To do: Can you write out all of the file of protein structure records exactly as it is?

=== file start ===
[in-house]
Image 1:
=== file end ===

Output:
[in-house]
Image 1: